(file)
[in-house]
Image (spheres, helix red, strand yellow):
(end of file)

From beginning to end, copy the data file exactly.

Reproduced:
[in-house]
Image (spheres, helix red, strand yellow):